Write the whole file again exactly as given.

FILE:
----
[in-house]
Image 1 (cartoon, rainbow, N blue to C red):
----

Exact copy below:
[in-house]
Image 1 (cartoon, rainbow, N blue to C red):